“Now tell me who the wanksta is
Dog, I saved you on Clue and this the thanks I get?
That verse was suspect, Game, ass just a little
Why you think we hid your wack ass in the middle?”
Joe Budden’s beef with G-Unit in the mid-2000s – in particular The Game – proved to one of the last of its kind showcasing the style of Hip-Hop producing true-to-life battle records. Battle records with actual names and void of subliminal shots.
The song reference in question was “Cross Country Connection.” If not mistaken, it was the record that served as the springboard for what became an all-out back-and-forth lyrical slugfest between Budden and Game.
Joe’s extended version of “Game Over” – strategically borrowing The D.O.C.’s “It’s Funky Enough” – was perhaps the most venomous installment. Despite prodding from Budden, 50 never found himself lyrically involved in the dispute. And given how Fif and Game’s relationship ultimately panned out, throwing his then-understudy up against a proven lyricist and more-than-willing battle rapper in Budden could have part of the G-Unit head honcho’s plan to job Game from jump street.
“Not real never heard a sound like that
He’s a b***h, probably sleep in a gown and nightcap
Got a big chrome friend that I tuck ‘long with me
And I brung that since you like suckin’ on 50’s…”
The Joe Budden seen now is a completely 180 from the Mouse who became an underground cult hero a decade ago. Long before Twitter-inspired cookouts and Love & Hip-Hop, Budden was the psychotic, occasional suicidal, introspective and battle rapping super lyricist that famously once saw him go toe-to-toe with Jay Z on a makeshift “Pump It Up” freestyle where he more than hold his own.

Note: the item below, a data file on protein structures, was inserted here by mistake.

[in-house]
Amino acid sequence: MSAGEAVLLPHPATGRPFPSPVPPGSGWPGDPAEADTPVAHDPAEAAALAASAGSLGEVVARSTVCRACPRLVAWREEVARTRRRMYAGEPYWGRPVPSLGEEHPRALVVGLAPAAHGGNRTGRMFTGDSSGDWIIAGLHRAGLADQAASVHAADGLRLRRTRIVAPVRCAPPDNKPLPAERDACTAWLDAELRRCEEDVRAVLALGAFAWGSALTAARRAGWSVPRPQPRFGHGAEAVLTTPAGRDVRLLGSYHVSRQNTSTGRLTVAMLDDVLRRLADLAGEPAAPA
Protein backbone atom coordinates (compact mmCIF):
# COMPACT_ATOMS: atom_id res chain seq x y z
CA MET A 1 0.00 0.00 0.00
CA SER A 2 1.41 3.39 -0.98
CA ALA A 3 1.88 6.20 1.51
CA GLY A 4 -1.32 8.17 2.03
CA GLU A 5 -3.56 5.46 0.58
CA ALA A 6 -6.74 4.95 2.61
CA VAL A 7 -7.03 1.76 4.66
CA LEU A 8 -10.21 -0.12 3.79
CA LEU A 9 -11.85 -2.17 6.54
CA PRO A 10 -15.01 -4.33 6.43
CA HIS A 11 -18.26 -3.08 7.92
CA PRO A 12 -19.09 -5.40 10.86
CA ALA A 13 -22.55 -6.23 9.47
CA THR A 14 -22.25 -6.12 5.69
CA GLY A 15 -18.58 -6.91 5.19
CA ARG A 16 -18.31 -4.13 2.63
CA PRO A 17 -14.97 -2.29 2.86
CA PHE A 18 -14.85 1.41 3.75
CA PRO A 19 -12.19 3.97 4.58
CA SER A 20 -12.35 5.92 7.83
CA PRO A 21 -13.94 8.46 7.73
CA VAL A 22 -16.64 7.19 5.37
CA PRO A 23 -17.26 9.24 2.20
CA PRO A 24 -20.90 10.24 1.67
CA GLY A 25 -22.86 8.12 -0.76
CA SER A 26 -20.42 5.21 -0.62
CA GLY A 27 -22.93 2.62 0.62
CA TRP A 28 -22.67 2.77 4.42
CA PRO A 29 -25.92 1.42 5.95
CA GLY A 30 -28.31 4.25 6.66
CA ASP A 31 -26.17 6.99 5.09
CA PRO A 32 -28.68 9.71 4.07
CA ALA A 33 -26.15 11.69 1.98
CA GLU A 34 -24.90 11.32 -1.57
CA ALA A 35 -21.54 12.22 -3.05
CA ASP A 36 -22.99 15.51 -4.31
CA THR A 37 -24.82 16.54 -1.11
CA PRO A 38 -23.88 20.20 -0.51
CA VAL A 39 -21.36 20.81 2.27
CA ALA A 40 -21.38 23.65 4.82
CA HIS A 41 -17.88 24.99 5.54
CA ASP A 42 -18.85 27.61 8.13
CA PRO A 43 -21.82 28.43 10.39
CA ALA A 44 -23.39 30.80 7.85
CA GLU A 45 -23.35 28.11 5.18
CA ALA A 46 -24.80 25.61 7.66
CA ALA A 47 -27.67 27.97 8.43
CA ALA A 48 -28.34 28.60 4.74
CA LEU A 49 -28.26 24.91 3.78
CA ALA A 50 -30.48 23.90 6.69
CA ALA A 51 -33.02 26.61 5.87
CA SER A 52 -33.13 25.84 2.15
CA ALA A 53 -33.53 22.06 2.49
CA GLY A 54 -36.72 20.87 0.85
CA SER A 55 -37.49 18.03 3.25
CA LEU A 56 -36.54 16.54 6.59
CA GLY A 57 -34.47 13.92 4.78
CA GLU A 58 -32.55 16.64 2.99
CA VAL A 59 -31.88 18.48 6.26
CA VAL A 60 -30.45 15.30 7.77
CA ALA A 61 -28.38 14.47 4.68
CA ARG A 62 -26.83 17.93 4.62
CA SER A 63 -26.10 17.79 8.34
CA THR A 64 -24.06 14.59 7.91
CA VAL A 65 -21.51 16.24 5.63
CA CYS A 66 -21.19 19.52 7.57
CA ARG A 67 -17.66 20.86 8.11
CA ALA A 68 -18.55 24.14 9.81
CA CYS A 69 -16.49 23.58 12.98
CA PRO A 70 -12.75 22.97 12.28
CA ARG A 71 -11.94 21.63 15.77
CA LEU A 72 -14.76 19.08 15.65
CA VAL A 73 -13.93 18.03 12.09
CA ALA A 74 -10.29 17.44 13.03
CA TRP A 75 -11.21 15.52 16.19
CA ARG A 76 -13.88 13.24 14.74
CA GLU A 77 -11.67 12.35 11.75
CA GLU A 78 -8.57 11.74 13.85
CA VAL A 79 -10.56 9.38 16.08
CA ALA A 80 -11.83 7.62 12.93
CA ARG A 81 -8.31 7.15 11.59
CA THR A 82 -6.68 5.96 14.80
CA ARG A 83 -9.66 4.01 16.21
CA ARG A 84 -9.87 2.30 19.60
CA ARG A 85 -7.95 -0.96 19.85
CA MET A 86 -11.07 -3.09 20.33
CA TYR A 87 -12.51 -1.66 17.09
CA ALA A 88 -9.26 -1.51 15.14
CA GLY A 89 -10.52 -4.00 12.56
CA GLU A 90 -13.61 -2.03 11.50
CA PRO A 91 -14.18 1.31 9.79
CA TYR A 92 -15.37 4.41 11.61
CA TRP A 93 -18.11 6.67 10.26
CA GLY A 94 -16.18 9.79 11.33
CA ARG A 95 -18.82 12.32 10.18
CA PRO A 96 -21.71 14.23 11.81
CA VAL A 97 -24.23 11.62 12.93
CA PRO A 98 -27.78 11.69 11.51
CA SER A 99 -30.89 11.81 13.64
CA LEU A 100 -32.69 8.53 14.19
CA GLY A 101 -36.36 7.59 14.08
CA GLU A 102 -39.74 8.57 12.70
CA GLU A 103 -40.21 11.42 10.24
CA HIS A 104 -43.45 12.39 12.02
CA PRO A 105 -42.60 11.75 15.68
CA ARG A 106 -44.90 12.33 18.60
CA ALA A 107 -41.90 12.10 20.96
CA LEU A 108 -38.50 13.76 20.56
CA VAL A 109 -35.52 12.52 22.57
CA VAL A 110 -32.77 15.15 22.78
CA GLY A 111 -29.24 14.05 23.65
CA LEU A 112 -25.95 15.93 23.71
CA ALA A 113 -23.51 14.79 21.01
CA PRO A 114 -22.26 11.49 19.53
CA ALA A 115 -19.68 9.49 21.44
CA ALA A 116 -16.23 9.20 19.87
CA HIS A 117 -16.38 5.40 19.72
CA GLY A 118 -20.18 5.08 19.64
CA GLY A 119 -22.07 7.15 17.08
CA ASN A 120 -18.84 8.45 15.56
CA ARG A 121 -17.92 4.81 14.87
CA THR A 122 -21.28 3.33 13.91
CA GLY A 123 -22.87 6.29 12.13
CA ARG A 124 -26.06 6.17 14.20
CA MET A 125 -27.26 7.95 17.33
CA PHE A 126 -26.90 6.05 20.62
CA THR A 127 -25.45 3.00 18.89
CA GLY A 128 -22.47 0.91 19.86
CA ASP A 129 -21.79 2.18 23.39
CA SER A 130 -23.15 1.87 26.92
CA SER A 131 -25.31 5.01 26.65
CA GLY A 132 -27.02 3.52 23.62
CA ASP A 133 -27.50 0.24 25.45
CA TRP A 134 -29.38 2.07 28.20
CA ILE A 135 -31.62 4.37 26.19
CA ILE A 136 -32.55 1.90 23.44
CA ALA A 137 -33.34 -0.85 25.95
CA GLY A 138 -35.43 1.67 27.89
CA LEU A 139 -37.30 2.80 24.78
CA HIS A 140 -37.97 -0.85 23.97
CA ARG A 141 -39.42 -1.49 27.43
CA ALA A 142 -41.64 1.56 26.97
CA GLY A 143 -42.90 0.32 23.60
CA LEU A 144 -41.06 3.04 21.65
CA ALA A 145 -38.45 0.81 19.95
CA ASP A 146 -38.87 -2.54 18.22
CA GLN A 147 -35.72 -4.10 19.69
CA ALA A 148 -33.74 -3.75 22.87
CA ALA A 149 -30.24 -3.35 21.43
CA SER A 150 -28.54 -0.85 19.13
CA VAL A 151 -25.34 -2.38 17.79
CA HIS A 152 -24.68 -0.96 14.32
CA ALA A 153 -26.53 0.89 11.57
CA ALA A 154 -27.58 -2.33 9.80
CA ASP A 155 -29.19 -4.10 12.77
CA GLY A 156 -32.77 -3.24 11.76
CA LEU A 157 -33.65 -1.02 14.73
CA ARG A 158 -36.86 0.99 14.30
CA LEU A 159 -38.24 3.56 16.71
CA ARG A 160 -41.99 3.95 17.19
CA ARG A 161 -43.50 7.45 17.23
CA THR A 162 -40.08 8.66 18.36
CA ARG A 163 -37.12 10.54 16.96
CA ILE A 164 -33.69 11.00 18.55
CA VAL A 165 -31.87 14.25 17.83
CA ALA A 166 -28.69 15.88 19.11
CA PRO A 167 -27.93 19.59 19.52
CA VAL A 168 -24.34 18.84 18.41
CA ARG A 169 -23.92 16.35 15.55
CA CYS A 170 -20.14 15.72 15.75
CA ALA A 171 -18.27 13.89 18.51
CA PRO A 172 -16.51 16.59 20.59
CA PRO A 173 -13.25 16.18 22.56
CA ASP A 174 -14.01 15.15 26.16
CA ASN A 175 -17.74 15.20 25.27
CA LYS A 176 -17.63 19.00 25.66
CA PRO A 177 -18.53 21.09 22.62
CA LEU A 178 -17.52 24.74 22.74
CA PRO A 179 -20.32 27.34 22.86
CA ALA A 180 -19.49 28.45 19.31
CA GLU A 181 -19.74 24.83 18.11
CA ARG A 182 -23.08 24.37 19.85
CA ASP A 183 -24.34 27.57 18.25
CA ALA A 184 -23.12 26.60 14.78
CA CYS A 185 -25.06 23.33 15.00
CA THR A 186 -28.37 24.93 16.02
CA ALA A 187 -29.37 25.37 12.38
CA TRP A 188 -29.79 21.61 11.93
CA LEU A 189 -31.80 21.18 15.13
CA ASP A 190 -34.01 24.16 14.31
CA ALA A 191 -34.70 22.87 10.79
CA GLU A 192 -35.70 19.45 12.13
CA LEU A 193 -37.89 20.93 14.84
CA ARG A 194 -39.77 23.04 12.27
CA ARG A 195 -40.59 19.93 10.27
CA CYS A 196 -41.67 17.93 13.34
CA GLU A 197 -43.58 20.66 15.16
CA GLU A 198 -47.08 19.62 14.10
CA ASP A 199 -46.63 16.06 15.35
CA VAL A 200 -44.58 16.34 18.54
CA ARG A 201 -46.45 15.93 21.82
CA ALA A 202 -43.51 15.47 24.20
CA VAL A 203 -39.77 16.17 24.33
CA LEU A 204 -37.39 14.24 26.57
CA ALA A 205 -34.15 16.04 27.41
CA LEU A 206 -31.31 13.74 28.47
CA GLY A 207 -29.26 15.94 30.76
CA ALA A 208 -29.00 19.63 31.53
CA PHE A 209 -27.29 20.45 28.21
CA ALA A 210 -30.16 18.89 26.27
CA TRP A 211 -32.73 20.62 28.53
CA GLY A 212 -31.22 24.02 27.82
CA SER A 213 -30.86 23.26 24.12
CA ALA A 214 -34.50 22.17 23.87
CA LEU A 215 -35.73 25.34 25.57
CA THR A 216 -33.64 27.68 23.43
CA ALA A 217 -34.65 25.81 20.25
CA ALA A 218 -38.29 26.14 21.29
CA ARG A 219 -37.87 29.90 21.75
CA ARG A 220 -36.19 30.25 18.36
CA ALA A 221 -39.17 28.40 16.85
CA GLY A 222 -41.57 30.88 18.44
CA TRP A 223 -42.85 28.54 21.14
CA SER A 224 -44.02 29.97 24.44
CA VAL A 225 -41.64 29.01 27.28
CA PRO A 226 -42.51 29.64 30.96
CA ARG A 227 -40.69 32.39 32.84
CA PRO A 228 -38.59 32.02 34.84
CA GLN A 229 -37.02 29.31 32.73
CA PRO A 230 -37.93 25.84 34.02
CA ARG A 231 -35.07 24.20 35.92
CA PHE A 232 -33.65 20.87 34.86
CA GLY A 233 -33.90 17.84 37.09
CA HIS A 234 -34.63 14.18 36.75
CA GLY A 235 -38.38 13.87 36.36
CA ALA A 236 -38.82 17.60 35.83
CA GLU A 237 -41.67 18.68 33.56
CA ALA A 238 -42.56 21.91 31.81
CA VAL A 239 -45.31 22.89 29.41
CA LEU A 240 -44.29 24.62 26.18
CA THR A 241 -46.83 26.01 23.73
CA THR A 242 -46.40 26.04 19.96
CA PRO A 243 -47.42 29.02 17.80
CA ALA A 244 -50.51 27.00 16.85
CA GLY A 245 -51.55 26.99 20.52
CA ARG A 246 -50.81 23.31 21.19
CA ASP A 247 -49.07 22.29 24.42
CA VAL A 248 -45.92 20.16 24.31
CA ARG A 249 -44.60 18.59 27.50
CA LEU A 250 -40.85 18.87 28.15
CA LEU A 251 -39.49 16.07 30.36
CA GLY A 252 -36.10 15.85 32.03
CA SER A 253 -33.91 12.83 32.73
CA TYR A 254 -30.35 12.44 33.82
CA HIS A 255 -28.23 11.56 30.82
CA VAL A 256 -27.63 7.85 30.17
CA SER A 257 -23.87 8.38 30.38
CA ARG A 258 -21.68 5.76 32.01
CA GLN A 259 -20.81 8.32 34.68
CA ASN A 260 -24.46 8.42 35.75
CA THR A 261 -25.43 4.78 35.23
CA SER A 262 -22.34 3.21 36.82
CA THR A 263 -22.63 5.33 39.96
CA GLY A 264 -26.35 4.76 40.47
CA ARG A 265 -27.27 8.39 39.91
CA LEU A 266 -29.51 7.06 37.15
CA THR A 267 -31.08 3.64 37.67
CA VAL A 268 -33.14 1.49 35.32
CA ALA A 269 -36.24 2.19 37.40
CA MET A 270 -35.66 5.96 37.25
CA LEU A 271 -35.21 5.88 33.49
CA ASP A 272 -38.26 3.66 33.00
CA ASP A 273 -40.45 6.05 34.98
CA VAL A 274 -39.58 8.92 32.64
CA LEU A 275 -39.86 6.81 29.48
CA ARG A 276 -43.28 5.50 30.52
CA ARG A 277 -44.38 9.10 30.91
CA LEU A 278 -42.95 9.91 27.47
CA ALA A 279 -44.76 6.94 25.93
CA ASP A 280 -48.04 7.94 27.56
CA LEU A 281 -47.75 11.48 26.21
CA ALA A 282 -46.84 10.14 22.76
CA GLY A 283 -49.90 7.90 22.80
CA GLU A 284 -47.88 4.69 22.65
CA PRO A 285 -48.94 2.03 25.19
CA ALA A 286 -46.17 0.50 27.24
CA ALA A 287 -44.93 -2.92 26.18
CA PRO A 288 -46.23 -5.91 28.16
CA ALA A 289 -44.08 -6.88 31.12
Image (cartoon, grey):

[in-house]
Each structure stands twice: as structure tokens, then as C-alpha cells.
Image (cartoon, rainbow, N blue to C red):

The belief remains to this day later Budden even out-paced his more popular, wealthier counterpart.
So, in a buffet of ways, Game was overwhelmed from the start. “Game Over” employed many of the same tactics a la wit, machismo and aggression another diss from Budden, “Big Shot,” happened to (the record on which Budden revealed Game was once a contestant on an episode Change Of Heart). For as eager as Jayceon was to earn his keep in not only G-Unit, but the era of early-Internet rap, not much from their momentary spat ever did well in convincing he was capable of exchanging in multiple rounds against – in Budden’s own words – “a dude who can fill an iPod with just freestyles.”
Their beef was short lived, as Game turned his venom on G-Unit immediately following his departure from the group. And over the years, Game vs. Budden has since been largely passed over. I thank them for not liking each other however. Without Game’s “200 Bars” and this as well a handful of other Joey diss tracks, yours truly would have never gotten an A in my freshman oral communications class. My final project was “A History Of Hip-Hop Beefs.”
I probably would’ve gotten an A+, too, given the chance to actually play “Game Over” in class. There’s something majestic about explaining what “You only known for Five Heartbeat hooks and getting popped at” means. Plus, “Hit ‘Em Up” might have gotten me kicked out of school.